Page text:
Student design could revolutionise public transport

09 November 2009

StarfishStarfish: The team is (from left) Kyle Martin, David New, Ryan Gordon, Jerome Gristwood and Amber Osborn.

The 2010 Soccer World Cup has accelerated South Africa's need to improve its public transport system, which has led a team of UCT students to design a computer system to revolutionise the lives of commuters.

The Starfish system was unveiled at the annual UCT Department of Information Systems Project Expo to showcase computer applications developed by senior students.

A travel-card-based transport payment system, similar to those used in London and Hong Kong, the Starfish concept could reduce the time spent in queues, as well as making the public transport system safer and more efficient.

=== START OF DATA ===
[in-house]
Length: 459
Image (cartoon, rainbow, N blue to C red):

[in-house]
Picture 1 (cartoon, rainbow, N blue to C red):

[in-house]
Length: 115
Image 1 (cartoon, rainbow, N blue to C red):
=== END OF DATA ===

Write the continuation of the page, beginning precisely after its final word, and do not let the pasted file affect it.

The team's lead programmer, Amber Osborn, says: "The South African public transport system is unreliable, inefficient and has the potential for corruption. Trains and buses often require an exact payment, which is frustrating, and carrying cash or anonymous tickets may incentivise crime."

The Starfish system uses cards loaded up front with cash, which can be scanned at a turnstile, where the exact fare would automatically be deducted. With photographic ID on the cards, crime would be reduced, as a stolen card would not be very useful to a thief. The potential for recouping the money on a stolen card has also been built into the system.

The system has been designed to assist both commuters and transport operators. Commuters will get more value for money, with more efficient service, and operators will have the opportunity to create special cost packages. Commuters can also use a single Starfish card to pay for multiple forms of transport, such as buses, trains, and taxis, and manage their cards and accounts online, which would include access to tailored reports and their personal travel records.

And for those wondering why it's called Starfish, it's because there are five members in the team.

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